(MotherJones) – Last week the Wall Street Journal ran a terrific series of stories called “What They Know.” The general subject was personal privacy—or the lack of it—in the digital world, and the first article in the series explained how websites routinely track your movements on the web and collect a genuinely astonishing amount of personal information about you in the process. The Journal examined 50 sites using a test computer and discovered that these sites collectively installed a total of 3,180 tracking files—an average of 63 tracking files per site:
The state of the art is growing increasingly intrusive, the Journal found. Some tracking files can record a person’s keystrokes online and then transmit the text to a data-gathering company that analyzes it for content, tone and clues to a person’s social connections. Other tracking files can re-spawn trackers that a person may have deleted.
….Some of the tracking files identified by the Journal were so detailed that they verged on being anonymous in name only. They enabled data-gathering companies to build personal profiles that could include age, gender, race, zip code, income, marital status and health concerns, along with recent purchases and favorite TV shows and movies.
A full list of the sites they examined is here. The most intrusive were dictionary.com and msn.com, which installed over 200 tracking files each. The least intrusive were craigslist.org and wikipedia.org. Continue reading →
(BostonGlobe) – Federal investigators have identified several dozen Pentagon officials and contractors with high-level security clearances who allegedly purchased and downloaded child pornography, including an undisclosed number who used their government computers to obtain the illegal material, according to investigative reports. Video Link Here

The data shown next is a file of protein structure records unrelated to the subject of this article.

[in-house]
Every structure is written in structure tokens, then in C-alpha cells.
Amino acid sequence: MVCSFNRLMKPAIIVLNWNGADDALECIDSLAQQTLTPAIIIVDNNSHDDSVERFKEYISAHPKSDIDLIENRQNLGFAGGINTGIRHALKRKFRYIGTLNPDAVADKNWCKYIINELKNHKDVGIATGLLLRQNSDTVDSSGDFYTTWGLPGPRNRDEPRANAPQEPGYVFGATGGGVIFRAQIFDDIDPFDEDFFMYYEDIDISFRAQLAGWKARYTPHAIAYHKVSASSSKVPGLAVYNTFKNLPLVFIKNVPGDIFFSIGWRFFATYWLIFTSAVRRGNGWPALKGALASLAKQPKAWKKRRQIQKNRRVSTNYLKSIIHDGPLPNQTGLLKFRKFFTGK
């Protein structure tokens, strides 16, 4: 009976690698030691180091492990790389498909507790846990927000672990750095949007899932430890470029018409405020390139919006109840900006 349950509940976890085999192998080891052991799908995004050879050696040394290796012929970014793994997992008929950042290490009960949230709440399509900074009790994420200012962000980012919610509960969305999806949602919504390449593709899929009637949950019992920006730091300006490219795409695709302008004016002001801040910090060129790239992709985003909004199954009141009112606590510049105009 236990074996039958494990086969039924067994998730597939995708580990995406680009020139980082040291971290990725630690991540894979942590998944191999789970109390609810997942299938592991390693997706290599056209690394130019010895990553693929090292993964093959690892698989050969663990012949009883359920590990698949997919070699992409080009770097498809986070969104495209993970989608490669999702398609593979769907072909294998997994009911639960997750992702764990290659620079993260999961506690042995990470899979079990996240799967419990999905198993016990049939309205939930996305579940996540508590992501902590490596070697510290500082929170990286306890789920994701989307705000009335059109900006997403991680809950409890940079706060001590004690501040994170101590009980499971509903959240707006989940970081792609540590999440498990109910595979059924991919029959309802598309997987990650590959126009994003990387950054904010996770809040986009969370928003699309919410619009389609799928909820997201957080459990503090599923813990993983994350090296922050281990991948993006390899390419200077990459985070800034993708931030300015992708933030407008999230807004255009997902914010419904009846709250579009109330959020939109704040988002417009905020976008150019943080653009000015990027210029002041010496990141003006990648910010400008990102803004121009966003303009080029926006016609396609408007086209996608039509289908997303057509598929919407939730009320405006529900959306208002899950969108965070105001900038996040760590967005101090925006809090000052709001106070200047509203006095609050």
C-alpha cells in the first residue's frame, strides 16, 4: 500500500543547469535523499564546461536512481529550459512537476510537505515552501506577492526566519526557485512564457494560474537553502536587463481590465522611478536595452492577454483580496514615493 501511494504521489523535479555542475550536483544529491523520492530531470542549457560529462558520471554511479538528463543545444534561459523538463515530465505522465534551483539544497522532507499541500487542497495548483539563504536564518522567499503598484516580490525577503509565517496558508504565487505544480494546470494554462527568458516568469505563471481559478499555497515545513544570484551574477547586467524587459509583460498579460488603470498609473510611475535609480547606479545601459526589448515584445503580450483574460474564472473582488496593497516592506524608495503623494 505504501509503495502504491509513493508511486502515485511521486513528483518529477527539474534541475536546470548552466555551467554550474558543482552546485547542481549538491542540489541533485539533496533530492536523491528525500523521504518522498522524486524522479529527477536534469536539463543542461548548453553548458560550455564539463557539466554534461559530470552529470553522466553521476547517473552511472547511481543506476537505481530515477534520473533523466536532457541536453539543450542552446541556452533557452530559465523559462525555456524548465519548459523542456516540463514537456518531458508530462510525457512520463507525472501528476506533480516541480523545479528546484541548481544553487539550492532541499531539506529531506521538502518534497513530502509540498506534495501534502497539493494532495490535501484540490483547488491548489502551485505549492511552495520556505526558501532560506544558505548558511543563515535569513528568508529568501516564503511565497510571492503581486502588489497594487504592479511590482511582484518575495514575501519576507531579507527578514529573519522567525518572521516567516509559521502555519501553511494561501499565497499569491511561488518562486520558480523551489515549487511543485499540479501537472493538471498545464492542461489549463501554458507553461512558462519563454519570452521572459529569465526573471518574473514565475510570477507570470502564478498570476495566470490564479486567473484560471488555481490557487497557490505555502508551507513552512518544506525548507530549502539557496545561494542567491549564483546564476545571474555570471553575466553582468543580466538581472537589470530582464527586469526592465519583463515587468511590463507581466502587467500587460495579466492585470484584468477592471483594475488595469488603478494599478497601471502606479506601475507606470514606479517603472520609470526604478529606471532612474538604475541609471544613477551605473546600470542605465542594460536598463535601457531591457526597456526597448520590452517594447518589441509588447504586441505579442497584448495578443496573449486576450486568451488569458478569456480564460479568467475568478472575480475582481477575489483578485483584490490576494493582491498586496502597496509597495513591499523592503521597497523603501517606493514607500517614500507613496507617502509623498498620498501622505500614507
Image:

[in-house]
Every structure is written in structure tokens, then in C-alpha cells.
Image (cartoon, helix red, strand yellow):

(Cryptome) – Conficker is a computer worm which has been infecting PC’s on the Internet since November 2008. Worryingly, nothing is publicly known of its mission, because it has yet to do anything of great note. Conficker is building and maintaining a powerful network of enslaved computers, and machines infected with the worm can be made obey the whims of Conficker’s unknown commanders. Its advanced peer-to-peer networking design makes the program’s control network difficult for Internet providers to shut down. Today this strange worm constitutes a powerful overlay of control across an unknown vastness of Internet-connected computers. With the exception of distributing some small-time malware, however, it has been essentially dormant. Conficker is like an army, recruiting and training for two and a half years, with no history save for robbing the corner store. Continue reading →
(PaulWatson) – The Transportation Security Administration will block all websites that contain “controversial opinion” from its federal computers in the latest example of how Internet censorship is expanding in both the private and public sector as the federal government prepares to push through a power grab that will empower President Obama to shut down the world wide web with an emergency decree.
“The Transportation Security Administration (TSA) is blocking certain websites from the federal agency’s computers, including halting access by staffers to any Internet pages that contain a “controversial opinion,” according to an internal email obtained by CBS News.”
The new rules came into force on July 1, and prevent TSA employees from accessing such content, though what is deemed “controversial opinion” is not explained. Undoubtedly, the ban list will include websites which specialize in criticism of the government and federal agencies. Continue reading →
(RussiaToday) – The personal computer may soon be not-so-private, with the U.S. and some European nations working on laws allowing them access to search the content held on a person’s hard drive… Continue reading →
(AP) – The U.S. should counter computer-based attacks swiftly and strongly and act to thwart or disable a threat even when the attacker’s identity is unknown, the director of the National Security Agency told Congress.
Lt. Gen. Keith Alexander, who is the Obama administration’s nominee to take on additional duties as head of the new Cyber Command, also said the U.S. should not be deterred from taking action against countries such as Iran and North Korea just because they might launch cyber attacks. Continue reading →
(PopSci) – If the idea of turning consumers into true cyborgs sounds creepy, don’t tell Intel researchers. Intel’s Pittsburgh lab aims to develop brain implants that can control all sorts of gadgets directly via brain waves by 2020. Continue reading →